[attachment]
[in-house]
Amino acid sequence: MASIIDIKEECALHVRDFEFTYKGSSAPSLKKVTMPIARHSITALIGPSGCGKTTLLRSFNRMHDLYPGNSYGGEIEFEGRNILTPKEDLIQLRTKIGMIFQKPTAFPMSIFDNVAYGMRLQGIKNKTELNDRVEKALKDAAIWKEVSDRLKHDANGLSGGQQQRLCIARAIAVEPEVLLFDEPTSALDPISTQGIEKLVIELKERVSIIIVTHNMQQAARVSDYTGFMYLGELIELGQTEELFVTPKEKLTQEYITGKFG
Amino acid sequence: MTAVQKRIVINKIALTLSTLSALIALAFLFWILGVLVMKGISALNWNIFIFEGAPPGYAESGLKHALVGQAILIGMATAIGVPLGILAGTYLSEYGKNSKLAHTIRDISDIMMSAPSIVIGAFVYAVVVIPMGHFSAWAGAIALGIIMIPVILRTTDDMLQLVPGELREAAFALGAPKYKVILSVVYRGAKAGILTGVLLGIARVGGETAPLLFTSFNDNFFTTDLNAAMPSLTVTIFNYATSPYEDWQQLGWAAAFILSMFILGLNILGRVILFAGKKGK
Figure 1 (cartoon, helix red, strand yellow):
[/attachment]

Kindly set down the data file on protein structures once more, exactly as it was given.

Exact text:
[in-house]
Amino acid sequence: MASIIDIKEECALHVRDFEFTYKGSSAPSLKKVTMPIARHSITALIGPSGCGKTTLLRSFNRMHDLYPGNSYGGEIEFEGRNILTPKEDLIQLRTKIGMIFQKPTAFPMSIFDNVAYGMRLQGIKNKTELNDRVEKALKDAAIWKEVSDRLKHDANGLSGGQQQRLCIARAIAVEPEVLLFDEPTSALDPISTQGIEKLVIELKERVSIIIVTHNMQQAARVSDYTGFMYLGELIELGQTEELFVTPKEKLTQEYITGKFG
Amino acid sequence: MTAVQKRIVINKIALTLSTLSALIALAFLFWILGVLVMKGISALNWNIFIFEGAPPGYAESGLKHALVGQAILIGMATAIGVPLGILAGTYLSEYGKNSKLAHTIRDISDIMMSAPSIVIGAFVYAVVVIPMGHFSAWAGAIALGIIMIPVILRTTDDMLQLVPGELREAAFALGAPKYKVILSVVYRGAKAGILTGVLLGIARVGGETAPLLFTSFNDNFFTTDLNAAMPSLTVTIFNYATSPYEDWQQLGWAAAFILSMFILGLNILGRVILFAGKKGK
Figure 1 (cartoon, helix red, strand yellow):